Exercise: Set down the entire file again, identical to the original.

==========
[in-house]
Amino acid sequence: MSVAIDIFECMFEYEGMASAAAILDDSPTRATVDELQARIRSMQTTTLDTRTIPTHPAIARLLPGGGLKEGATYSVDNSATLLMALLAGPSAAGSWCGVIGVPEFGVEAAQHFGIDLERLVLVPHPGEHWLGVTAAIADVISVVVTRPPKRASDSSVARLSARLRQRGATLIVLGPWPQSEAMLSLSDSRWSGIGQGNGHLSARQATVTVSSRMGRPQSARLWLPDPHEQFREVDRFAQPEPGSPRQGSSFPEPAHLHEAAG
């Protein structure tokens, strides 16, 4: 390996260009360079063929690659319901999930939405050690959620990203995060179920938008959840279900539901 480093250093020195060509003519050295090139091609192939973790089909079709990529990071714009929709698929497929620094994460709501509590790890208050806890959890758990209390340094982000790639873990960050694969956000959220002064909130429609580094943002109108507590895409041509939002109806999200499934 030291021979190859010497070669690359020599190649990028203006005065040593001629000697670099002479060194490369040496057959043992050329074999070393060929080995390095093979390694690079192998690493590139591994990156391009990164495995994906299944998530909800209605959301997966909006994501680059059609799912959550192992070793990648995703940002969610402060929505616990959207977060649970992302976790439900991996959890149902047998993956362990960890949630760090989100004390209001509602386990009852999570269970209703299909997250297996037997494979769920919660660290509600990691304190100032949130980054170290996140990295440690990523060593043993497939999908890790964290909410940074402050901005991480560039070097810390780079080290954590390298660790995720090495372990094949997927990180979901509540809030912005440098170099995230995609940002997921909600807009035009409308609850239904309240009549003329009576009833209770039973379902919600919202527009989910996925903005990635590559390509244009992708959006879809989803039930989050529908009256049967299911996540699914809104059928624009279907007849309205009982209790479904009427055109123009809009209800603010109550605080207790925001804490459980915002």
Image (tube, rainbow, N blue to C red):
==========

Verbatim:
[in-house]
Amino acid sequence: MSVAIDIFECMFEYEGMASAAAILDDSPTRATVDELQARIRSMQTTTLDTRTIPTHPAIARLLPGGGLKEGATYSVDNSATLLMALLAGPSAAGSWCGVIGVPEFGVEAAQHFGIDLERLVLVPHPGEHWLGVTAAIADVISVVVTRPPKRASDSSVARLSARLRQRGATLIVLGPWPQSEAMLSLSDSRWSGIGQGNGHLSARQATVTVSSRMGRPQSARLWLPDPHEQFREVDRFAQPEPGSPRQGSSFPEPAHLHEAAG
């Protein structure tokens, strides 16, 4: 390996260009360079063929690659319901999930939405050690959620990203995060179920938008959840279900539901 480093250093020195060509003519050295090139091609192939973790089909079709990529990071714009929709698929497929620094994460709501509590790890208050806890959890758990209390340094982000790639873990960050694969956000959220002064909130429609580094943002109108507590895409041509939002109806999200499934 030291021979190859010497070669690359020599190649990028203006005065040593001629000697670099002479060194490369040496057959043992050329074999070393060929080995390095093979390694690079192998690493590139591994990156391009990164495995994906299944998530909800209605959301997966909006994501680059059609799912959550192992070793990648995703940002969610402060929505616990959207977060649970992302976790439900991996959890149902047998993956362990960890949630760090989100004390209001509602386990009852999570269970209703299909997250297996037997494979769920919660660290509600990691304190100032949130980054170290996140990295440690990523060593043993497939999908890790964290909410940074402050901005991480560039070097810390780079080290954590390298660790995720090495372990094949997927990180979901509540809030912005440098170099995230995609940002997921909600807009035009409308609850239904309240009549003329009576009833209770039973379902919600919202527009989910996925903005990635590559390509244009992708959006879809989803039930989050529908009256049967299911996540699914809104059928624009279907007849309205009982209790479904009427055109123009809009209800603010109550605080207790925001804490459980915002």
Image (tube, rainbow, N blue to C red):